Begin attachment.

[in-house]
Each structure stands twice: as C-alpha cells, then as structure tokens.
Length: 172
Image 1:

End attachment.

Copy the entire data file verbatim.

[in-house]
Each structure stands twice: as C-alpha cells, then as structure tokens.
Length: 172
Image 1: